Oats are sensitive to cold, so Alabama is one of the main areas where oats should be planted in the fall. Oats tolerate heavy grazing but are not tolerant of poor drainage or drought. Oats have excellent seedling vigor but are sensitive to low pH and fertility. I recommend mixing oats with legumes. This saves on nitrogen (N) bills, and adds to the quality and longevity of the planting. My favorite oat mixes are oats (50 pounds per acre), crimson clover (10 pounds per acre) and arrowleaf clover (10 pounds per acre) in the South. The best time to plant is September or October.
Rye is grown in every state in the United States, often when conditions are unfavorable for wheat. Rye is more cold tolerant than oats or wheat and tolerates low fertility and acid soil more than any other small grain. Rye can be grown in a wider range of environmental conditions than any other small grain. Do not confuse cereal rye with annual or perennial ryegrass; they are totally different plants!
Deer eat the tender nutritious (12 to 25 percent protein) foliage in fall, winter and early spring. Of the three small grains, however, most deer managers would rank rye as third in preference to oats and wheat. This varies by region, soil fertility and other factors.
Rye is usually planted in October statewide in Alabama. If planted alone, 90 to 120 pounds per acre is recommended. Planted in mixtures, no more than 50 pounds per acre should be broadcast.
I would never consider planting rye alone for deer with one exception. When it is too late or too cold to plant anything else, rye serves as an ideal late-fall or early spring season cover crop that will germinate and grow in colder, poorer, more acidic soil than any other plant. Otherwise, mix rye with one or more legumes such as arrowleaf clover (10 pounds per acre), crimson clover (10 pounds per acre), Austrian winter peas (25 pounds per acre). Like all other small grains, rye will achieve greatest forage and seed production when soil pH is above 6.0. A complete fertilizer applied according to soil test at planting (example: 300 pounds per acre 19-19-19) is highly recommended whether planted alone or in a mix. Varieties with high forage production can yield about 3 tons per acre (6,000 pounds) dry weight forage.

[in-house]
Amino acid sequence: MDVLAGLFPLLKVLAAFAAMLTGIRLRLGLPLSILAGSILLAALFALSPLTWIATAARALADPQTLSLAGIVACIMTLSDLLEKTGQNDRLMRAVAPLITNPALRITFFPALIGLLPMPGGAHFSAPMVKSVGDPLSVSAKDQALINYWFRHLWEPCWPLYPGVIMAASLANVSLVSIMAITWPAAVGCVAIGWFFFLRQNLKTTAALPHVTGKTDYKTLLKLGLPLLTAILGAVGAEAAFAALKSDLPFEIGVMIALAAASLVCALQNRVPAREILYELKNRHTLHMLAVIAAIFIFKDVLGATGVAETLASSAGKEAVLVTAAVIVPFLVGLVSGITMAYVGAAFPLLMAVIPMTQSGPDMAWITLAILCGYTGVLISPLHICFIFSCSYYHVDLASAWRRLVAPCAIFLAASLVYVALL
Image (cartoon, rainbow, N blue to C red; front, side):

Grown practically everywhere in the United States, wheat is one of the most valuable wildlife plants in the entire country. Deer eat the tender nutritious (15 to 20 percent protein) foliage in fall, winter and spring as well as the mature seed when available in late spring and summer. Wheat is more cold tolerant than oats but not as cold tolerant or acid tolerant as rye. Of the three small grains, most experts would rank wheat as second in preference or palatability to oats.
Wheat is usually planted in September in north Alabama or October in the south. If planted alone, 90 to 120 pounds per acre is recommended. Planted in mixtures, no more than 60 pounds per acre (one bushel per acre) should be broadcast. Personally, I would never really consider planting wheat alone for deer. It is better to mix wheat with one or more legumes such as arrowleaf clover (10 pounds per acre), crimson clover (10 pounds per acre), Austrian winter peas (25 pounds per acre). Besides adding palatability to the mix, the legumes make perfect companion plants for wheat by fixing nitrogen in the soil, which is used by wheat. On the flip side, the wheat acts as a nurse crop for the legumes for the first month after planting by producing vigorous early growth which takes the brunt of the early deer grazing pressure while the legumes develop a root system.
Like other small grains, wheat will achieve greatest forage production when soil is limed to raise pH above 6.0. A complete fertilizer applied according to soil test at planting (example: 300 pounds per acre 19-19-19) is highly recommended whether planted alone or in a mix. Disease-resistant wheat varieties with high forage production can produce about 3 tons per acre (6,000 pounds) forage if best management practices are followed.